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Thursday, March 18, 2004

My friend, Barbara Cottman Becnel,

the remarkable woman who is the executive director of Neighborhood House, the 45 year-old social program in North Richmond -- but more importantly -- the woman who has managed to arrange the nomination for the Nobel Peace Prize to a man sitting on San Quentin's Death Row. That would be Stanley "Tookie" Williams, co-founder of the Crips in Los Angeles. But I've spoken of this before and suggested that you look up his web site (Tookie's Corner).

"Redemption," the film that was shown at Sundance is about to be released in mid-April. It will be shown on FX, but before that date the Sixty Minutes segment will be shown on CBS-TV. I believe the date of the release of the Sixty Minutes piece is April 4th, but I'm not certain of that (will post the dates before this weekend).

Tennyrate, Barbara finally has a copy of the film in her hand and has asked me to help her to arrange a couple of pre-screenings here in the Bay Area -- between the dates of the Sixty Minutes piece and the actual television release. It will be invitational to a selected audience. Could be used as a way to support the work of the anti-death penalty groups. There is growing interest here in a call for a moratorium. Jennifer and I will work on that this weekend. Will probably try for the Oakland Museum (James Moore) theater, if it is free for at least one evening. If you're in the area, you might like to stop in. Another possibility will be Geoffrey's, the club in Oakland that is owned by a cousin (remember Dorothy's recent 90th birthday party?).

It's something to think about; a distraction from the things that are not resolvable at home. That's often the way things get worked out for me. Set them aside, take on something totally different -- and in some oblique way -- the knots are unraveled and solutions pop out in full blown. It's kind of a Zen thing. But you can't cheat. The technique demands that one give up all thoughts of the knotty problem, replace it with something achievable, and -- voila!

So tomorrow I'll meet with Barbara and begin the process. Dorian is working on a "rainstorm" at NIAD (working in tempera, I believe) and an eagle, I believe. There is another exhibit soon and she's doing a series of wood block prints and several paintings (including the "Psychedelic Cat" and her "Rainstorm." That's tomorrow. On Saturday she will do basketball, we will bring her friend Chris home with her for the weekend (he is actually more severely handicapped but with a very different set of abilities. He is literate where she is not -- though he has some physical disabilities that make it necessary that he wear a helmet at all times when out of doors. They have a really compatible relationship that is best described by the fact that when she keeps her journal, it is dictated to Chris who does the writing for them both. This means that he is trusted with her most intimate thoughts. And, no, she's not in love with Chris. He's her friend. She's quite clear about that. They've been friends for about 17 years.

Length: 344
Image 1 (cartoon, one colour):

His father and stepmother live about 90 miles away in Willits on the North Coast. He lives in the Clausen House community and has a job in the mailroom at the Kaiser Building in Oakland. He is relatively independent and the two of them have much in common. Chris has spent the past two weekends with us, and will be back on Saturday after basketball practice.

I'll need to be sure to have something to work on or I'll soon begin to resent being confined by the needs of not only my own daughter, but the additional responsibility of picking up and delivering Chris as well.

These next few weeks will begin to cement my immediate future, if I'm not careful. Holding all of this in balance without losing my own sense of independence will be tricky. Keeping track of when I'm working for her welfare and when I'm working for my own will be a real challenge. Thankfully, I have friends and professionals to draw upon for guidance, and enough things of interest to hold off dispair.

Find myself wondering -- if someone with as many contacts to draw upon -- after years of working in the political realm -- if I am so deeply effected by these draconian budget cuts, how in the world are people without these resources managing these days? And, I find myself wondering when someone in that world of powerful people will utter the dreaded word, "Depression?" The economic system has come unraveled, and we keep inventing new words to describe the state in which we find ourselves. With this unprecedented deficit, wars galore, terrorism to contain, a deteriorating system of public education, a decaying infrastructure (roads, bridges, etc.), a runaway pharmaceutical system and fewer and fewer able to afford health care, retirement systems collapsing, corporate fraud rampant... .For those of us who can remember the Thirties (and I was surely aware), there is a sense of deja vu that causes some sleepless nights. The only difference may be the language we're using to describe this system of self-imposed destruction we find ourselves caught up in.

On my darkest days, I cannot see the corrections coming in time to relieve what Dorian and I are facing in the short term. In the long term, the only answer seems to be to work hard to unseat the present administration. Have been asked to host one of the MoveOn's community meetings. Will do that. Those are being held in selected bookstores throughout the country. My assignment is Barnes & Nobel in Walnut Creek. This is in relation to a book that's being released -- which means that I must find the time to read the book, first.

I'm off to check out the instructions and locate the book. Meanwhile ... life goes on.

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